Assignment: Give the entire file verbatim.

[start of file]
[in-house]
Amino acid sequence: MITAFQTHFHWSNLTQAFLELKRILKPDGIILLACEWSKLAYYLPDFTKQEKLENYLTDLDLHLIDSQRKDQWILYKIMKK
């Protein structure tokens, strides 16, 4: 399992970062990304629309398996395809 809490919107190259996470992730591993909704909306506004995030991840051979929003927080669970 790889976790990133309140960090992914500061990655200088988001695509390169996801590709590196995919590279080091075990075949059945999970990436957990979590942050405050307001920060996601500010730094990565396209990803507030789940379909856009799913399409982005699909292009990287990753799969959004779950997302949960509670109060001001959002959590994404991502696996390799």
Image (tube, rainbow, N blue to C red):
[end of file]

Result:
[in-house]
Amino acid sequence: MITAFQTHFHWSNLTQAFLELKRILKPDGIILLACEWSKLAYYLPDFTKQEKLENYLTDLDLHLIDSQRKDQWILYKIMKK
């Protein structure tokens, strides 16, 4: 399992970062990304629309398996395809 809490919107190259996470992730591993909704909306506004995030991840051979929003927080669970 790889976790990133309140960090992914500061990655200088988001695509390169996801590709590196995919590279080091075990075949059945999970990436957990979590942050405050307001920060996601500010730094990565396209990803507030789940379909856009799913399409982005699909292009990287990753799969959004779950997302949960509670109060001001959002959590994404991502696996390799």
Image (tube, rainbow, N blue to C red):